My grandmother didn’t talk a lot about her own life. Most of what I learned about her life came from asking her direct questions.
But even the things she didn’t talk about told me about how strong she was.
When she was ten, her father died. That must have been hard on her, but she never told me about it.
After her father’s death, her family had to move halfway across the country, but she never talked about how hard that must have been for her.
She gave birth to her first child by herself, my grandfather having been sent away to war some months before. When I asked about how hard this period of her life must have been, she just said everyone had to make sacrifices during the war, that’s just what people did. She was very modest.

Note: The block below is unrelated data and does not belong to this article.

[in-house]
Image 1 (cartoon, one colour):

One story she did tell me occurred when my grandmother was in her twenties. She was going to a convention in Denver with members of her church. On the train ride there, the employees refused to serve one of the congregation members in the dining car because she was black. My grandmother joined this woman in the back of the train for dinner so that she wouldn’t have to eat alone. Now, one reason this story stands out to me is that, if you knew my grandmother, you’d know she wasn’t exactly a civil rights activist. It must have been hard for my grandmother to defy the social conventions of the time -- but she did. She did it because she cared about this woman.
My grandmother cared about a lot of people.
She cared about her friends, keeping in touch with many for over sixty years, even when they had moved away decades before.
She cared about her neighbors on Coffey Lane. She followed what was going on in their lives and offered help when she could. She appreciated the help that her neighbors gave her as she and my grandfather got older.